There have been a number of recent reports of explosions caused by residents attempting to extract hash oil from marijuana plants. This process requires the use of butane and other volatile chemicals.
The problem has become so pronounced that it prompted the Colorado Information Analysis Center to post a bulletin to first responders warning of the increasingly widespread practice of butane hash oil extraction. According to CIAC, the recent trend of explosions has resulted in fires, burns, broken windows, and damaged walls.
Signs of hash oil extraction can be subtle, and include metal, glass, or PVC piping that is capped. These materials look like pipe bombs. Explosions from hash oil production are often mistaken for meth lab explosions. CIAC warns that in states like Colorado with legalized marijuana use, these incidents appear to be increasing.
Colorado is the only state that regulates the production of hash oil but enforcement is spotty, and explosions persist, according to the CIAC.
Butane gas is the most common chemical used for extraction, but hash oil can also be created by boiling the cannabis in a solvent, which then evaporates leaving behind the oil. Other common solvents include hexane, isopropyl alcohol, ethanol, and dry ice.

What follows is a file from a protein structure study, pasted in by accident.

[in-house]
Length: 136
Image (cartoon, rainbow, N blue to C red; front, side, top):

The problems result from the use of these flammable solvents, typically without proper ventilation. Resulting vapors stay low to the floor, and can ignite pilot lights, outlets or any open flame.
Rental property owners can protect their properties from such practices by taking care when screening tenants, staying clear of “cash-only” applicants, those with poor credit, and tenants with criminal backgrounds. Restricting marijuana in rental properties is another avenue that can provide legal recourse for landlords. Use a lease that is tough on crime. Frequent inspections of the rental also can lower the likelihood of problems.
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